Anna Morris represents the families of Alan Guite and Eilidh Cairns

Wednesday 19 October 2011

Share This Page

Email This Page

Anna Morris represented the family of Alan Guite, who was found hanging from a window in his cell at HMP Manchester only 12 hours after being moved from a "safer cell" in which the windows were sealed. The Jury concluded that his suicide was contributed to by neglect.

Mr. Guite had been remanded into custody "for his own protection" by Trafford Magistrates following an allegation of harassment during which he inflicted cuts to his wrists and arms. Despite entering into HMP Manchester and being placed on intermittent observations and then a safer cell, the nursing staff decided that based on a short interview with him that he was a "low risk of suicide" and he was moved from a safer cell and not subject to any special observations regime. The Jury found that there was evidence available to the nursing staff upon which it could be reasonably concluded that Alan was at a raised risk of self-harm and that the closure of the ACCT form was premature and inappropriate.

Mr. Guite's family commented at the conclusion of the inquest that the verdict was the right one but that it didn't make it any easier for them to accept. The Coroner, Nigel Meadows indicated that he would be making lengthy Rule 43 recommendations to the prison and a number of other bodies.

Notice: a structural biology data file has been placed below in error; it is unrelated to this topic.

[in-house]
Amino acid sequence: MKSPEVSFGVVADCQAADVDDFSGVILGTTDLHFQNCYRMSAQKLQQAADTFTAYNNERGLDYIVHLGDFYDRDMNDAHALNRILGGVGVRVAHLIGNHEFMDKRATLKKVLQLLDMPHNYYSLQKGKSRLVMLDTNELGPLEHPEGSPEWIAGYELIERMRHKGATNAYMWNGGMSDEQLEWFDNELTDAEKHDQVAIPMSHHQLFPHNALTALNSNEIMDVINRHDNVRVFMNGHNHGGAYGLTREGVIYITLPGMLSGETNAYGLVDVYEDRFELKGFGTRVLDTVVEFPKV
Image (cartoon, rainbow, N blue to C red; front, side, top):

Anna was instructed by Farley's Solicitors.

For press coverage click here.

Anna Morris is representing the family of Eilidh Cairns who died on the 5 February 2009 in a collision with an HGV near Notting Hill Gate in their application for Judicial Review of the inquest that took place by the Deputy Coroner for Inner West London.

Anna Morris is representing the family of Eilidh Cairns who died on the 5 February 2009 in a collision with an HGV near Notting Hill Gate in their application for Judicial Review of the inquest that took place by the Deputy Coroner for Inner West London.

The case has drawn a large amount of media attention due to its potential impact on the conduct of inquests into the deaths of cyclists in London, which the Coroner accepted is a "huge problem". The High Court heard submissions about whether the Coroner should have called a jury and made recommendations using her powers under Rule 43 to try and prevent future deaths occurring in similar circumstances. The High Court has reserved its Judgment in what Mr. Justice Silber recognised as an "important case".

Anna Morris was instructed by Levenes.

For press coverage click here.

Anna Morris is a member of Garden Court's Inquests Team.

 

Latest tweets from Garden Court Chambers

Follow us on Twitter

Tweets by gardencourtlaw

We are top ranked by independent legal directories and consistently win awards

+ View more awards